Can Hamsters Have Apples?
Many of us grew up hearing that an apple a day keeps the doctor away, but no one ever told us whether or not America’s favorite fruit also works as a strong defense against veterinarians. Though most of us sat through at least one health or nutrition class while we were in school, our education in pet nutrition is sadly lacking. We grew up sneaking scraps of unidentified meat and chewy broccoli to our dogs beneath the table. In hindsight, we understand that table scraps probably were not ideal for the family dog, but we still have only a very loose grasp on canine nutrition.
If you have a less common pet, like a hamster, things get even trickier. Dogs have iron stomachs which forgive some of our dietary indiscretions, but hamsters, who did not evolve beside humans, have totally different dietary needs and tolerances. They are also far smaller than our dogs, so what seems like a tiny mistake can have devastating consequences. The dose makes the poison, and when you weigh five ounces or less, the dose can be very tiny. So, are apples suitable treats for our little ones? Can you give your hamster apples?
Pet parents rejoice—the answer is yes, hamsters can eat small portions of apples. Both the skin and flesh of the apples you find in the grocery store are totally safe for hamster consumption. Assuming the apples are fresh and clean, there is no real risk of toxicity associated with feeding them. Because they are low in calories and high in fiber, they make excellent, healthy treats for most hamsters. Just keep in mind your hamster’s size when you feed them any type of fruit. Giving them too many apples can cause diarrhea, nutritional imbalances, or weight gain.
As treats go, apples and other fresh fruits are some of the best options available. Similar to humans and dogs, hamsters are omnivores who do well on diets that consist of both animal and plant foods. Apple flesh is fairly low in calories compared to many other foods, which can be helpful for hamsters who have a sweet tooth but are also at risk of becoming overweight. If your veterinarian has recommended that you put your furry friend on a diet, apples may be a suitable treat that they can enjoy while still losing weight.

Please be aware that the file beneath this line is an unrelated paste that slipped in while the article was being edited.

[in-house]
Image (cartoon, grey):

Apples are great because they provide sweetness without packing in the calories of, say, a cookie, but they have one other diet-friendly secret weapon: dietary fiber. Fiber is the name for all of the indigestible parts of plants. Though our hamsters are unable to extract energy from fiber, it has many other benefits. For weight loss, the obvious one is this: because they are unable to process dietary fiber, it is effectively a zero-calorie food. Fiber takes up space inside the stomach without actually providing any energy!
This is why high fiber foods, including apples, are so great for anyone who needs to restrict their caloric intake. Your hungry hamster can fill up their tummy with high-fiber fruits and vegetables—they can eat the same volume of food while taking in a fraction of the calories.
Dietary fiber has been linked to countless other health benefits in humans, including a reduced risk of heart disease, diabetes, and some cancers. One study performed on hamsters found that consuming dietary fiber significantly lowered their bad cholesterol. This can be incredibly helpful for hamsters who have heart disease and high cholesterol, as well as those who are at an increased risk of developing cardiovascular problems.
Apples also contain vitamins and antioxidants, but your hamster should be meeting most of their nutrient needs by eating specially formulated hamster chow.
Things to Consider
Even though apples are high in fiber and antioxidants (and low in calories and fat), there is such a thing as too many apples. To stay healthy, your hamster should only enjoy a few small chunks of apple once or twice a week. Apples and other fruits should be used as treats rather than staple foods. If you feed your hamster too many apple pieces in one sitting, they will probably end up with an upset stomach, which can lead to diarrhea and dehydration. If your hamster gets sick, remove all fruit from their bowl and make sure that they have plenty of water available. If their symptoms persist, see a veterinarian.
The biggest thing to worry about with apples is this: apple seeds are extremely poisonous. This is one type of seed that should never be fed to hamsters. Though the flesh and skin are considered harmless, apple seeds contain cyanide—enough cyanide to kill a tiny hamster. Make sure to remove all seeds from the apple pieces you feed to your hamster.
Overall, apples are an excellent, healthy treat for hamsters. They are high in fiber, low in calories, and full of vitamins and antioxidants that can provide a nutritional boost. Just remember that apples are meant to be treats—overfeeding can cause stomach problems and weight gain.